High-end fashion companies are reluctant to sell their products online, and they encourage customers to visit their boutiques and “experience” the brand in person to observe the craftsmanship of their handbags and apparel.
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Luxury brands do not like the idea of people just browsing over pictures of their items uploaded online and purchasing them with the simple click of a mouse.
However, the accelerating global trend of digitization has changed the luxury goods industry, especially after the outbreak of COVID-19. And companies are learning that information technology can maximize their brand value.
The metaverse ― a portmanteau the prefix “meta,” meaning beyond, and “universe” ― is a term used to describe the concept of a future iteration of the internet, made up of persistent, shared, 3D virtual spaces linked into a perceived virtual universe. There, individuals can communicate, make profits, spend money and indulge in leisure time through their avatars.
Due to the COVID-19 pandemic, as luxury companies were unable to hold fashion shows, the metaverse became the best alternative.
Italian luxury brand Valentino showcased its 2020 Spring & Summer Collection in Nintendo’s “Animal Crossing: New Horizons” game last year. Game characters became fashion models wearing custom-chosen runway-inspired designs in the virtual space.
Balenciaga, a France-based luxury firm created its own video game “Afterworld: The Age of Tomorrow” and introduced its 2021 Fall & Winter Collection there. It used gaming as a platform to showcase new fashion items for one-time use.
French fashion brand Louis Vuitton collaborate with U.S. video game developer Riot Games’ “League of Legend” to launch its capsule collection two years ago. Its custom garments created for game characters sold out in less than an hour worldwide.
Last June, Gucci sold four sportswear lines for the video game characters of “Tennis Clash,” a global mobile game that was chosen as one of the top five most influential games by Google Play in 2019. The Italian brand further added a link on its official website for people to purchase actual apparel identical to that worn by their game characters.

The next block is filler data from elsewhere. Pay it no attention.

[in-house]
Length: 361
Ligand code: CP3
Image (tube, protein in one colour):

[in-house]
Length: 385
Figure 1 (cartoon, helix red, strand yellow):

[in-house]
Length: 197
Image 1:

“Global luxury brands are investing in virtual spaces as long-term projects to prepare for the future. It is their marketing strategy to make their brand familiar to future customers of generation Z, many of whom already gather in the metaverse,” an industry source said.
The metaverse is also popular in local markets too. IT giant Naver’s subsidiary Naver Z launched a mobile app of an avatar developer in August 2018. About 1.9 million users have registered for the platform as of last October and teenagers make up 80 percent of the total. Among them, 90 percent are located outside Korea.
Global firms like Gucci, Nike and Converse have launched virtual stores on the platform and customers purchase fashion items with the cyber money Zem.
Users can also utilize artificial intelligence technology to copy their face and make their avatars look identical to themselves while decorating them with apparel they purchased online.
The biggest strength of the metaverse lies in its young users, who are mostly millennials and generation Z, who grew up with video games and social media and are comfortable on the internet.
Marketing firms believe they will one day become big customers and are starting to adopt the metaverse as their promotional tool.
Luxury brands are not only finding a use for the metaverse, but also blockchain technology.
Louis Vuitton, Cartier and Prada formed a blockchain platform Aura recently with the aim of fighting counterfeiting of their luxury goods.
Louis Vuitton will soon assign a digital code to its products through Aura. Customers can learn which materials an item is made of, where it is produced and the whole process of retailing. It can also show previous owners of second-hand handbags or jewelry for sale.
Last year, the volume of business for fake luxury goods traded in online black markets reached 1,000 trillion won. High-end brands hope blockchain will deter counterfeiting.
Local IT giant Kakao also launched the digital wallet Klip, which uses a non-fungible token (NFT) system to keep gift cards that customers can use to purchase luxury goods on its platform. NFT plays the role of a certificate of authenticity as well as the gift card.
Another benefit of the NFT system is it can create profits for luxury firms through commission fees from retailers for services such as assessing authenticity. The fashion companies can utilize an encoding system to pay royalties when users sell their luxury items in the second-hand market.
(Source: Korea Times)